New trade deal fa­vors unions, may hurt au­tomak­ers

The Star Democrat - - OPINION -

Pub­licly, la­bor unions are say­ing they are cau­tiously op­ti­mistic about the new tri­lat­eral trade deal Pres­i­dent Don­ald Trump ne­go­ti­ated with Mex­ico and Canada. Pri­vately, they ought to be do­ing back­flips. It’s not so clear how the Detroit au­tomak­ers will fare.

The deal that would re­place the North Amer­i­can Free Trade Agree­ment fixes much of what unions hated about the old pact, while mak­ing it harder for busi­nesses to ex­ploit cheaper for­eign la­bor to lower costs and raise prof­its.

For the au­to­mo­bile in­dus­try specif­i­cally, the United States-Mex­ico-Canada Agree­ment is likely to raise pro­duc­tion costs thanks to tougher con­tent and wage man­dates, and ul­ti­mately could make it even more dif­fi­cult to build small cars in the U.S.

The sub-com­pact ve­hi­cles built in Mex­ico and sold in the U.S. might not be as easy to im­port duty-free, so Amer­i­can con­sumers will pay more for those fuel-ef­fi­cient ve­hi­cles and may face a smaller se­lec­tion. That could neg­a­tively im­pact sales, par­tic­u­larly in a cheap gaso­line era.

In ad­di­tion, for the mo­ment, the pact leaves in place the 15-per­cent tar­iffs on the Cana­dian steel that U.S. au­tomak­ers and other man­u­fac­tur­ers rely on. That, too, drives up the price of fin­ished ve­hi­cles.

So what do the unions, who hated NAFTA, get from USMCA? A lot.

For the first time, a trade agree­ment be­tween the three coun­tries man­dates a min­i­mum wage of sorts. At least 30 per­cent of cars must be made by workers paid at least $16 an hour. The thresh­old rises to 40 per­cent in 2023.

The wage is roughly three times the aver­age man­u­fac­tur­ing pay in Mex­ico. It’s hard to imag­ine man­u­fac­tur­ers in Mex­ico and low-cost Asian coun­tries will triple wages for workers pro­duc­ing parts and ve­hi­cles. So more work will move into or re­main in the United States and Canada.

Of course, the man­date could be a curse in dis­guise for unions if it en­cour­ages more au­to­ma­tion as a means of keep­ing la­bor costs in check.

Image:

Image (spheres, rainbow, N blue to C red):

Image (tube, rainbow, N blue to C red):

The deal im­poses stricter en­vi­ron­men­tal and safety re­stric­tions on Mex­i­can trucks trans­port­ing goods across the bor­der, some­thing that has long been on the wish list of the Team­sters union. It also re­quires that Mex­ico give its workers greater abil­ity to form and join unions.

There are some other win­ners in the deal. Canada is happy be­cause it would leave much of its com­plex dairy pro­tec­tions in place, though U.S. farm­ers will gain some ad­di­tional ac­cess to Cana­dian con­sumers.

Canada and Mex­ico would be spared from the ad­di­tional steep tar­iffs Trump is threat­en­ing on im­ported au­to­mo­biles and parts.

There are stronger pro­tec­tions for in­tel­lec­tual prop­erty rights. Canada scored a vic­tory in keep­ing the con­flict res­o­lu­tion process largely in­tact.

Per­haps the best part of the deal is that an agree­ment was reached at all. When Pres­i­dent Don­ald Trump blew up NAFTA, his ad­min­is­tra­tion didn’t have much of a plan for re­plac­ing it, and ne­go­ti­a­tions be­tween the three coun­tries started out con­tentious.

The deal still must be ap­proved by Congress and won’t go into ef­fect un­til 2020, and while well shy of per­fect, it is bet­ter than a trade war be­tween these three in­ter­de­pen­dent economies.

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